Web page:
The pandemic halted many of our local events this year, from parades to performances. One event in particular, the Louisiana Book Festival, had to cancel its annual day-long celebration in downtown this November.
The showcase for local and regional authors had long been a good way to get young people excited about reading or introduce ourselves to new writers and books.
So we asked State Librarian Rebecca Hamilton and Louisiana Book Festival Director Jim Davis to share some of their favorite books by Louisiana authors that came out in 2020. Add these to your reading list, or gift them to loved ones for the holidays.
—AS TOLD TO BENJAMIN LEGER
TEXT HAS BEEN EDITED FOR SPACE AND CLARITY
‘Stone Motel: Memoirs of a Cajun Boy’
By Morris Ardoin
“This memoir will resonate with those searching for personal identity in an unaccepting time or place. It speaks to many aspects of the human condition, such as pain, conditional and unconditional love, heartache and perseverance, while providing vivid descriptions of family and place against the backdrop of Cajun Louisiana in the ’60s and ’70s.”
‘The Second Chance Club: Hardship and Hope after Prison’
By Jason Hardy
“This is for anyone interested in social justice. It provides an in-depth analysis of the New Orleans criminal probation and parole system, and offers insight and suggested opportunities to help solve the cruelest problems that prisons create for offenders and society at large.”
By Katy Simpson Smith
“Set in Rome, this historical novel spans 2000 years of history, and has been described as a story about love in all of its forms. It ponders elemental questions of good and evil, and obedience and free will. As the characters struggle with forces they cannot control, their circumstances raise a timeless question: What is our duty to each other, and what will God forgive?”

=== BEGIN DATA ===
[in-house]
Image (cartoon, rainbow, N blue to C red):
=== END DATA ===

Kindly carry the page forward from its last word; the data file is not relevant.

‘Last One Out Shut Off the Lights’
By Stephanie Soileau
“This collection features 11 gripping short stories of enduring and unforgettable characters who struggle to gain a foothold in a world many Louisianans can relate to: one that is forever washing out from under them. These people make their lives in the ‘last-chance towns’ of southwest Louisiana, coming to terms with how the oil industry, industrial pollution, eroding wetlands and the threat of hurricanes have nearly destroyed their sense of home.”
‘The Big Door Prize’
By M. O. Walsh
“Those who love traditional Southern novels that are honestly written; have an eclectic cast of characters and hometown feel; are funny, sad and suspenseful; and share lessons to be learned, will love this book. You will see someone you know, maybe even yourself, among the characters in this pre-pandemic novel that could have been written today. Part of the book’s message—not taking our lives for granted because it can be upended in an instant and without warning—is relevant to all of us in 2020.”
‘Life of a Klansman: A Family History in White Supremacy’
By Edward Ball
“This non-fiction book was not written by a Louisiana author, but by the great-great-grandson of a Louisiana Klansman. He reconstructs the life of his great-great-grandfather, Constant Lecorgne, through a series of stories that remind us how resentment handed down through the generations is still present in our society today; and are worthy of dissecting and confronting for the future.”
This article was originally published in the December 2020 issue of 225 Magazine.